Upon doing further research, my original idea for this project has changed quite a bit. As opposed to viewing two individual families, I will be reviewing a series of letters from various sources in order to draw conclusions on how individuals reacted to social, political and military acts. I had to slow my role with this because the amount of research I would have had at my disposal for two families would not have sufficed for the entire final. However, in viewing a broader topic I am able to touch on a larger amount of details. For instance, in viewing both the Andrew F Davis papers as well as the David Bagley letter from August 8, 1861, I was able to see the generating of opinions on not only comrades, but officers in individual units. Davis, though optimistic and fresh to the fight at the time, comments on his officers’ actual participation around camp, and how it lacked. Bagley takes it a step further and says he would not be surprised if they were traitors due to their lack of involvement. Among these formulation opinions that grow stronger over time, lays disease and famine; thirst. As highlighted in Three Civil War Letters, as well as Civil War Letters as Historical Sources, we are able to see that the soldiers are constantly surrounded by the horrors of war. Dead bodies often surround them, and the ones who are alive are suffering from measles and whooping coughs; the ones who are not ill are writing their wills in letters to friends and family, asking them to take care of all they have in this life (as seen in Matthew Elder’s letter). The letters written between family and friends were far more important than I believe any amount of research could provide. These letters were what allowed soldiers to stay sane and grounded. This can be seen by their inquisitive nature in their writing as well as their desire to receive news articles and pictures of the regular world. These letters also provide an avenue to vent, and each soldier, although a different personality, undergoes a similar transformation, in that their morale is slowly drained with each journal entry.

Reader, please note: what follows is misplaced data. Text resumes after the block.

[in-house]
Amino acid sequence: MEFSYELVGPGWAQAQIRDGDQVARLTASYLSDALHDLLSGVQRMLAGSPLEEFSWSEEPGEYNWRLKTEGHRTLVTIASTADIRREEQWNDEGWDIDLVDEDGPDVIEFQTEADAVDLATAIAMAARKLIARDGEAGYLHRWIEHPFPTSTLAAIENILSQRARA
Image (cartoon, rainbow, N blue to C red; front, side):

Thesis Statement: Civil War letters gave life to the soldiers in a sense that victory could not; through staying in touch with family and loved ones, they were able to maintain a sense of moral through social, political and military knowledge.
1) Mead Family Papers (Primary)
-This collection of letters written between various members of the Mead family provides insight into the effect that the war had on not only the individual, but also the other members of their family. These documents also shed light into how the rest of society was affected, such as schooling and work.
2) Andrew F Davis Papers (Primary)
-These papers discuss the overall sanitation of the sodliers; their dress, their shelter, and their resources.
3) David Bagley Letter: August 8, 1861 (Primary)
-In this letter, Bagley writes about his relationship with Union officers as well as his relationship and opinion on his fellow comrades.
4) Matthew Elder Letter: August 22, 1861 (Primary)
– This is the letter of a man, who seems to already consider himself dead, asking a friend to care for his family upon his failure to return home.
5) Three Civil War Letters (Journal article, secondary)
Beasley, Kate, et al. “Three Civil War Letters.” The Arkansas Historical Quarterly, vol. 3, no. 2, 1944, pp. 182–187. JSTOR, JSTOR, www.jstor.org/stable/40018758.
-This journal article provides the entirety of letters that describe the horrors of daily life, from illness to lack of nutrition to walking over dead bodies. This will be useful in analyzing the mental state of the soldiers at war.
6) Civil War Letters as Historical Sources (Secondary)
Rodgers, Thomas E. “Civil War Letters as Historical Sources.” Indiana Magazine of History, vol. 93, no. 2, 1997, pp. 105–110. JSTOR, JSTOR, www.jstor.org/stable/27792001.
– This selection discusses the importance in letters between soldiers and their loved ones for historical and moralistic reasons. It also provides further insight into selected letters.
7) How the Civil War Taught Americans the Art of Letter Writing (Secondary)
-This Smithsonian article provides the reader with further insight into letter writing during the civil war.
8) Battle Cry of Freedom (Secondary)
–Our required texts offers a handful of useful information which I can use to further understand the texts in letters, such as political, social and military events of the time.